TrustFinalNonStaticFields clarification

Vitaly Davidovich vitalyd at
Fri Apr 24 03:15:34 UTC 2015

Ok, but in the array case what's there to profile? At compile or parse time
isn't the array length known since it's set internally in the class?
Perhaps you're still calling this profiling, but to me it sounds like
keeping simple metadata about the fields.  The only thing that could break
this is reflection, but I naively thought enabling the flag would make
compiler more confident (I see now that this isn't the case).  The other
case here is tracking whether final field is nullable or not; lots of
constructors do a null check and throw if they see a null.  It seems, on
the surface, fairly easy to detect that and then "stamp" the field as known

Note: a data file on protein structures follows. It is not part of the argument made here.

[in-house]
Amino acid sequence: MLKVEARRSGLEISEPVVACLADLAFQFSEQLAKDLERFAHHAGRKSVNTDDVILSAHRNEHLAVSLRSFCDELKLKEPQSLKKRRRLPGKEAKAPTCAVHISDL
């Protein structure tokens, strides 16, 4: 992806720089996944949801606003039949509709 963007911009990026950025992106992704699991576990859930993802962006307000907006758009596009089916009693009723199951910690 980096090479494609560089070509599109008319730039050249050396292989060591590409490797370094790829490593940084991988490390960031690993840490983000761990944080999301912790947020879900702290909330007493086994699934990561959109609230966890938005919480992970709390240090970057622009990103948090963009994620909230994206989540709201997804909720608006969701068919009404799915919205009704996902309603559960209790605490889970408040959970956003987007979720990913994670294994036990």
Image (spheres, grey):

not null.

How difficult would it be to profile or keep some metadata about final
fields that can be gathered at parse time, taking reflection out of the
equation for a second? It seems like some additional optimization
opportunities are missed now as a result of this.


sent from my phone
On Apr 23, 2015 11:03 PM, "John Rose" <john.r.rose at> wrote:

> On Apr 23, 2015, at 6:51 PM, Vitaly Davidovich <vitalyd at> wrote:
> if this field is final and set inside constructor only, why still have the
> null check if I'm asking to trust instance final fields?
> The answer to all of your questions is that we don't profile fields.
> We also don't do class-wide analysis, since reflection can break the
> results of such analysis.
> The JIT only trusts field values that it can observe directly, either by
> compiling the sets in the same compilation unit, or by folding a constant
> object reference.
> — John
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